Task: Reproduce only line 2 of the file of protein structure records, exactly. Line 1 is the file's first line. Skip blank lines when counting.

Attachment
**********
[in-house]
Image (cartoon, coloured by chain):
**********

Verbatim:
Image (cartoon, coloured by chain):